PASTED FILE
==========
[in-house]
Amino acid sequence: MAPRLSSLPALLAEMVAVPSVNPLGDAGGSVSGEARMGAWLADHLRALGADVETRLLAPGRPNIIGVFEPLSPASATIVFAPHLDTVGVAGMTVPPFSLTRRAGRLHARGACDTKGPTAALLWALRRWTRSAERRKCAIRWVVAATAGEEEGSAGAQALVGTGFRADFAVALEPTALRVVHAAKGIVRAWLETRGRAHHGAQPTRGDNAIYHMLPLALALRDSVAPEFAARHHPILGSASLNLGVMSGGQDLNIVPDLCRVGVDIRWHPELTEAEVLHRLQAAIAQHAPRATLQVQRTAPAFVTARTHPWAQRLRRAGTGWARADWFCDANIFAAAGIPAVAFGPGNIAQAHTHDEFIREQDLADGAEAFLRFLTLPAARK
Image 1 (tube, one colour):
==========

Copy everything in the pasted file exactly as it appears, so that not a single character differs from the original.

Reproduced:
[in-house]
Amino acid sequence: MAPRLSSLPALLAEMVAVPSVNPLGDAGGSVSGEARMGAWLADHLRALGADVETRLLAPGRPNIIGVFEPLSPASATIVFAPHLDTVGVAGMTVPPFSLTRRAGRLHARGACDTKGPTAALLWALRRWTRSAERRKCAIRWVVAATAGEEEGSAGAQALVGTGFRADFAVALEPTALRVVHAAKGIVRAWLETRGRAHHGAQPTRGDNAIYHMLPLALALRDSVAPEFAARHHPILGSASLNLGVMSGGQDLNIVPDLCRVGVDIRWHPELTEAEVLHRLQAAIAQHAPRATLQVQRTAPAFVTARTHPWAQRLRRAGTGWARADWFCDANIFAAAGIPAVAFGPGNIAQAHTHDEFIREQDLADGAEAFLRFLTLPAARK
Image 1 (tube, one colour):